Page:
In the case of an emergency – lead!
Dawn breaking, I left down a rocky and steep path heading out of the town of Melide along the Camino. I was two days walk away from the end of my journey in the city of Santiago de Compostela. A Cuckoo echoed across the valley, welcoming in another beautiful Spanish morning. Blue skies expanded across the horizon. Eyes tired after another disturbed nights sleep.
Next to my bed was a door to the toilet. It scraped the floor like fingernails down a blackboard each time nature called. Nature called all night. The six pilgrims sharing the dorm that night earlier in the evening had paid homage to the local beer god “Estrella Galicia.” They worshipped with fervour, raising praise and glasses many times by the evidence of the trips to the bathroom.
Rucksack tight and compact, boots feeling comfy, I dodged out the way as a cyclist shouted from behind me. In a flash, the bike sped past. The wheels appeared far too small. The silver slim folding bike more suited to the daily commute to the local train station than rocky trails. Cyclists pedal the Camino every day. They complete the 800 odd kilometres the same as the walkers though I can’t imagine that St James used a bike! A Spanish family, father, mother and child, were even walking their bikes down the hill a few feet behind me.
The girl with a silver slim bike with wheels far too small.
The words,”that looks a strange bike to be riding along The Camino,” hadn’t completed leaving my mouth. I round a bend, I see a silver slim bike with wheels far too small upended, and crumpled body on the floor, no movement and silence. Adrenaline exploded through my veins. My brain kicked into gear. I was carrying the weight of a middle distance runner on my back. But I sprinted faster than Usain Bolt completed the 100 meters in the Gold medal race at the London Olympics.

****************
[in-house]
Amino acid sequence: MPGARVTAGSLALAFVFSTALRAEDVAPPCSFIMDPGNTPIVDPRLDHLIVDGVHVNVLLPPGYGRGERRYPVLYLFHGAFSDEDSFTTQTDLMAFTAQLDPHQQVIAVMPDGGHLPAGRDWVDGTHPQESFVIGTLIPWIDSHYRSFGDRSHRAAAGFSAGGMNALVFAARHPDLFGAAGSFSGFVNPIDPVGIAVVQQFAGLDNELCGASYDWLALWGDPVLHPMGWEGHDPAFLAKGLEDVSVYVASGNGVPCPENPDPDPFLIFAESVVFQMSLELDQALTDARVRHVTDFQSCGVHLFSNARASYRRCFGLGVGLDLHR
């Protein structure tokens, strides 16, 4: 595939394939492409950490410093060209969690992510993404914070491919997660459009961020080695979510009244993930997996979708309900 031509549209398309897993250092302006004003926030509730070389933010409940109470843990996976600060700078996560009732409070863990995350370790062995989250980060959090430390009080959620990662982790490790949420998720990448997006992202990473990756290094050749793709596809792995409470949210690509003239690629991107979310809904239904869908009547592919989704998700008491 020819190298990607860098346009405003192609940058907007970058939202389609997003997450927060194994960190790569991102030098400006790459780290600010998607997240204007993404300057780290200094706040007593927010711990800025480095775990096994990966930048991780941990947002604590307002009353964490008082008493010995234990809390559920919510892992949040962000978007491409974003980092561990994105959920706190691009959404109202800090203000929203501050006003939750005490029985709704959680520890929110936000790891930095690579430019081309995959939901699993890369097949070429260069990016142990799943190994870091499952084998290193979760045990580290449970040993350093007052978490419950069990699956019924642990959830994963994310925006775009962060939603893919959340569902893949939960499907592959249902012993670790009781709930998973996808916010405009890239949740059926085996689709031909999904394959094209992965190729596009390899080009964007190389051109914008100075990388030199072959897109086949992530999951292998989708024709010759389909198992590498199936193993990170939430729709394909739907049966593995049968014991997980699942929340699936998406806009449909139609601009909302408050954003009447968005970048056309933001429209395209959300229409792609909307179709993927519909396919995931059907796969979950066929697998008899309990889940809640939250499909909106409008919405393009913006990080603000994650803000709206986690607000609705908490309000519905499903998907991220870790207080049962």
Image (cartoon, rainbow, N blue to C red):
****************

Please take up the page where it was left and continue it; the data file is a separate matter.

The Brazilian girl regained consciousness. She searched for the security wallet around her waist. It contained an emergency medical card and tried to phone the number. Head bleeding, bruised and swelling from the lack of helmet, her right leg bent in a strange angle underneath her, she looked in serious condition. I eased her backpack off. By now a small crowd had gathered. The injured girl fitted as she went unconscious again as I held her head in my hands.
Scared, her eyes betrayed the fear, and alone, I offered to company her to the ER room. I faint at the sight of blood. Even the smell that a hospital evades can drop me to my knees and the for the rest of my body to follow. But I knew that I needed to serve that fellow pilgrim in her moment of terror. The local doctor who spoke little English finally understood the urgency as I acted out the two events of the pilgrim fitting. Blue lights and the siren sounds disappeared down the road. For the time being, this particular pilgrim was going to Santiago de Compostela by road.
Leadership calls for action.
There are times when we as leaders we will face a situation and it needs action there and then. Leadership develops and is forged in the experience of the day to day management of an organisation. But earns its name often in a moment of decisive action.
- Indecisive leadership in a moment of trouble is not leadership at all. (Tweet This)
- Leadership calls for action even in the face of fears.
- Being around leaders who won’t make a decision can be frustrating, suffocating and scary.
- Can that kind of leadership be coached? I believe it can.
Sometimes it needs the “eyes of an outsider” to help a leader catch sight of what is happening in a business or an organisation. A leader might see, but do they catch sight of where the vision of their business or organisation is heading? Do they have the right method to get them to their destination? Do they clearly know where their destination is?
The story ended well.
Another day I will write part 2 of the girl with a silver slim bike with wheels far too small.
For now, in the case of emergency, don’t just stand there … lead!
Image by Tim Geers – Flickr